France | Pension Reforms and Nationwide Protests pose new Challenges for Macron

A reform of France’s pension system which is set to push the minimum retirement age from 62 to 64 has resulted in large-scale protests in France. Almost 1.27 million French workers are rallying against the new pension plan of the Macron administration. Such is the impact of the protests that transport services have been heavily impacted. Schools and energy sectors are also facing disruptions. Polls show that most French people disapprove of Macron’s plan to raise the pension age from 62 to 64. With support from a majority of the French population, more than a million people began to protest against the pension reforms on January 19, 2023. Reports suggest that this is the biggest-ever protest witnessed in France after the exit of Nicolas Sarkozy.

What does the French Government say?

French President Macron in support of the reform says this move has been brought about so that people can work more and transform the society and the welfare system of France. Macron argues that this move is essential when compared with other European nations and has been made with the intention to save and protect the French state pension system. The government argues that the pension scheme guarantees the future financing of the pension system, which has been forecasted to tip into a deficit in the next few years. Furthermore, the government says its proposals are necessary to keep the pension system solvent as the life expectancy of the French has grown and birth rates have declined. Prime Minister, Élisabeth Borne, has further said that raising the pension age to 64 is “not negotiable” while Interior Minister, Gérald Darmanin, says protestors and other opposition are only looking to spoil the country and are blindly defending “idleness and champagne socialism!”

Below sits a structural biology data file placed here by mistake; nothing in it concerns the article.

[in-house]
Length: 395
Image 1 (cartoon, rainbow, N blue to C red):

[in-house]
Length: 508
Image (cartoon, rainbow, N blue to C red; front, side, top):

What do the Protestors and the Opposition say?

Macron’s political opponents and trade unions argue that the current system is balanced and there is no need to change. The street protests have been backed by the opposition, mainly the left party, which says the new pension plan is both regressive in terms of quality of life and economically unfair—meaning it is fundamentally at odds with their vision. The opposition has been backed by the fact that this month, the country’s independent Pension Advisory Council told parliament that “pension spending is not out of control and is relatively contained.” The opposition says that his observation makes the changes invalid. The left-wing party, the France Unbowed (LFI) says, “It’s the unfairness that is most shocking; it’s always the working classes which end up paying most.”

Challenges for Macron

The new pension reform is yet to be introduced in parliament. The challenge for his party is that they don’t hold a majority in the parliament as they lost the majority in the 2022 parliamentary election. The Left-wing opposition has submitted more than 7,000 amendments to the draft legislation in an attempt to slow its path through the parliament. This is a challenging time for President Macron as he faces multiple problems in various spheres of domestic politics where his party (the Renaissance) is getting tough competition from the opposition, from both the Left and the far Right parties. 

On the economic front, he needs to carry the burden of rising inflation and depleting industrial output. Further adding to Macron’s woes is the green-subsidy policy of the USA which has ramifications for Europe, particularly France. As a result, French President Macron and German Chancellor Scholz have opposed the USA move as it hampers European economic output. Macron is bogged down not just by domestic problems but also by the international issues of energy and food insecurity caused by the Ukrainian war. France being a pivotal member of NATO and Macron being a prominent leader of Europe, the war has posed tough questions for him. However, the crisis also gives him an opportunity to find solutions and further cement his place both in France and across Europe as a tall leader.

(The author is a post-graduate student in International Relations at Kalinga university, Raipur. The opinions expressed are the author’s own)

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